Even Brooks admitted on Monday that his campaign launch rally in Huntsville, Alabama, would not be quite so hyper. But he laid the foundation for his run on proven lies.
“In 2020, America faced the worst voter fraud and election theft in history,” Brooke said, claiming that no other candidate for the U.S. Senate was as strong as he stood with Trump . Channeling his hero, he gave slogans to “weak-kneed RINO,” “fake news media” and “radical socialists”.
Brooks, who has a strong chance of winning the GOP nomination and the Alabama seat, endorsed Trump heavily, beginning his effort with Stephen Miller, a former White House official who described many of the former president’s tough immigration policies Was a writer.
“Nobody had more in President Trump’s back than Mo Brooks in the last four years,” Miller told the crowd. “But now, I want your back.”
Brooke, who has been running the seat long before a former old-school conservative Republican Sen. Richard Shelby retired, was not the only member of Trump’s military to target the Senate on Monday.
Greitens opened his campaign on Fox News and said he was running to “defend President Trump’s America’s first policies”.
Efforts by Trump to demonstrate his continued grip on the GOP showed his stripes as the former president made a parallel bid to end democratic security measures confirming his losses in Georgia last November.
Trump on Monday raped the GOP for Georgia’s Secretary of State. Endorsed Jody Hais – inconsistent, after attacking Brad Raffenspar, who votes against Trump’s pressure against local officials.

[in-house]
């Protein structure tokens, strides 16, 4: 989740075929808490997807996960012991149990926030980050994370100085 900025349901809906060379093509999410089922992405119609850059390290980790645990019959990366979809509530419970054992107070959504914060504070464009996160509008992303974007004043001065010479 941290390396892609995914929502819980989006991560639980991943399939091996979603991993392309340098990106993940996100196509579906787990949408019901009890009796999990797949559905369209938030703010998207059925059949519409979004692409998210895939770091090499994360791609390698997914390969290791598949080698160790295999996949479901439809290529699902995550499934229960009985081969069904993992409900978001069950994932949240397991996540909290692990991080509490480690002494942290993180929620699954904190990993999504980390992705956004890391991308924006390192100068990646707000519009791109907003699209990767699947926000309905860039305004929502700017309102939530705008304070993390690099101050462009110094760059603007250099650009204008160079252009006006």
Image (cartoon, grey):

Hyes has falsely claimed that there are many instances of fraud in Georgia, the dominant state that ceded control of Democrats in 50–50 Senate by-elections in January.
Other outspoken supporters are considering Trump Republican candidates or have started Senate campaigns in states like Ohio and Pennsylvania where more GOP incumbents are retiring. The former president’s proposals are facing challenges against some of the 10 Republicans who voted to impeach him to incite an unprecedented and deadly insurgency designed to destroy Native American democratic principles.
The former president signaled the price of his support when he denied potential GOP candidates again at this month’s Conservative Political Action Conference, where he warned Republicans needed to put an end to mail-in voting and called GOP lawmakers who Voted for impeachment in his name.
The shadow of the former president in 2022 will ensure that yet another election will dominate his alarming claims that voting in the US is corrupt – with all the resulting loss of American democracy.
Nationwide voter suppression effort
The party’s redistricting for Trump’s populist nationalist creed – featuring House Minority Leader Kevin McCarthy’s Mar-a-Lago earlier this year – in making the drive for Democrats and minority voters more difficult to achieve helps. .
The GOP rejected Trumpism and attempted to broaden its appeal to win over more voters. But it doubled down on “Make America Great Again” subjects losing in a reelection race in the House, Senate and Trump’s single term – so may need to try to suppress the voice of the majority of the nation that rejected the former is. President
While the strategy may make sense in the base turnout election, it raises questions for Kentucky Republican Senate Minority Leader Mitch McConnell, who strongly reiterated Trump’s behavior on Jan. 6.